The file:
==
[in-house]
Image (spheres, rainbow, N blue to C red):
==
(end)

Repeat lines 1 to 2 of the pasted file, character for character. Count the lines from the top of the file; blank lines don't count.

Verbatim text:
[in-house]
Image (spheres, rainbow, N blue to C red):